The Fresh Loaf

News & Information for Amateur Bakers and Artisan Bread Enthusiasts

Differences between Sir Galahad and Sir Lancelot ( other than the name)

ErikVegas's picture
ErikVegas

Differences between Sir Galahad and Sir Lancelot ( other than the name)

I was wondering if any of you know off hand what the performance differences between KA  Sir Lancelot and Sir Galahad flours are.  I know the protien and ash percentages are different but how does that change the final product.  Do certain breads come out better when using one or another?  Thanks for the info in advance.


 


Erik

wally's picture
wally

Erik- Sir Galahad has a protein content of 11.7% and is retail marketed as King Arthur All-Purpose Flour.  It has a range of uses, but is particularly well-suited to breads such as baguettes and ciabatta where you want to achieve a thin, crisp crust.


Sir Lancelot, by contrast, is a high-gluten flour, with a protein content of 14.2%.  It is excellent for pizza dough, bagels, and especially for high content rye breads where the lack of gluten in the rye flour is compensated for by using a high-gluten flour.  However, it is not well suited to breads where you are looking for crisp crust and not-so-chewy crumb.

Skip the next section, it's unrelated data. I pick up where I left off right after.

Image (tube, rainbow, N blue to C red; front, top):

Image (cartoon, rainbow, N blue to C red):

Hope that helps.


Larry

mrfrost's picture
mrfrost

Sir Galahad is merely the "professional"/restaurant/food service version of KA All Purpose. KAAP of course is marketed to individual consumers and sold in retail stores. There is no difference between Sir Galahad and KAAP except the name and packaging. It is an 11.7 % protein unbleached, malted, white flour.


Sir Lancelot is only marketed to professionals, restaurants, etc, although individuals can buy it directly from KA. It does seem to show up at times in the buying clubs, like Costco, etc.


Sir Lancelot is a white, unbleached high gluten flour with about 14.2 % protein. There is no KA retail equivalent.


The highest protein KA flour sold at retail is KA Bread Flour(12.7 % protein), which is the same as the professionally distributed KA Special bread flour.

ErikVegas's picture
ErikVegas

Thanks guys, that was exactly the information I was looking for.  Good to know that the commercial "AP" is the same as Sir Galahad.


 Hmmm, I'll have to try baguettes using the AP.  The ones I make with KA bread flour always come out too heavy and with a thick crust.


 


Erik

LindyD's picture
LindyD

If you really want to break the bank, Erik, you can order KAF's French-style flour from their website.


It's high-ash, medium protein and makes lovely baguettes.